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Schopenhauer was a big influence on Nietzsche, and Rand liked Nietzsche more than just a little. "His 'Thus Spake Zarathustra' is my Bible.  I can never commit suicide while I have it.", wrote Rand, answering a questionnaire, circa 1935[1]. By way of spiritual lineage, could it be that some of Schopenhauer's ethos inadvertently found its way into Objectivism? Well, probably not, but I'm getting paranoid! It's time for a trip down philosophical hall of fame.

Like many philosophers of his era, Schopenhauer believed that jumping straight into philosophizing about this and that is irresponsible. If we're going to use philosophy to gain insights, we ought to take a look at philosophy first:

Philosophy is concerned with explaining things, so explainability is assumed from the get go. Furthermore, if something requires an explanation, it means that it doesn't explain itself - some other thing does. In short, we assume the motion from an explanatory cause to that which it explains, from one state of matter to another.[2]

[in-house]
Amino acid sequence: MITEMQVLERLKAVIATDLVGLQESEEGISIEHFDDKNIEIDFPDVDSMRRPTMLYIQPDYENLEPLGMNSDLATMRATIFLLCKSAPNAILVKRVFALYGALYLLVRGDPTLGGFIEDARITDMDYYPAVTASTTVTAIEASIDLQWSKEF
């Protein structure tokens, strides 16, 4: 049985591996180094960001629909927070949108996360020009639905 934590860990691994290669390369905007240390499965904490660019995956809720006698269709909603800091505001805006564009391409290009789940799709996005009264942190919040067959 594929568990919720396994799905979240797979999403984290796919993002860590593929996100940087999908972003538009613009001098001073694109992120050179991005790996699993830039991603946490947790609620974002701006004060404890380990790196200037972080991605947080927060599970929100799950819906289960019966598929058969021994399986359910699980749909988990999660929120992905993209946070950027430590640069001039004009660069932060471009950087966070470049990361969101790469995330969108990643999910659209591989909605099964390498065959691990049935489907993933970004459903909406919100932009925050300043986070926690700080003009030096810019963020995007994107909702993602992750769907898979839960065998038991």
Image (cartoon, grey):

As the above analysis indicates, things like matter, motion, cause and effect, object-for-a-subject are already built into metaphysical inquiry, like your lungs are built into your body. As for logical, mathematical or moral investigations, they each come with their own inbuilt structure as well, according to Schopenhauer.

Interestingly, as Kant observed, those structures can mess up metaphysics big time. For instance, consider the claim that the world is One interconnected whole:

From one angle, 'Mankind', 'The State' etc. are mere abstractions, because only real individuals exist, like Sally, John, and Suzy. From another angle, everything is just a word or name for something else: 'pillow' is a name for feathers and cotton, 'feather' is a name for alpha-keratin and beta-keratin, ad infinitum. Individuals are illusory, the Whole alone is real.

This dilemma is rooted in the nature of the concepts themselves. Parts and wholes are two poles of a perspectival relation, similar to 'left and right', or 'here and there'. They are not something concrete like beef and candy, but ways of relating beef and candy, and all other empirical content.

In Book II of The World as Will and Representation, Schopenhauer proposes an alternative: instead of describing what the world is like, we might simply describe what it's like to be it. And what looks from the outside like a hand being raised, from the inside looks like raising a hand. Those are two ways of looking at the exact same thing, i.e. the angle of perception, plus the angle of a drive-for-activity.

Quoting Robert Wicks, "as one is a part of the universe as is everything else, the basic energies of the universe flow through oneself as they flow through everything else."[3] Schopenhauer calls this second aspect simply Will.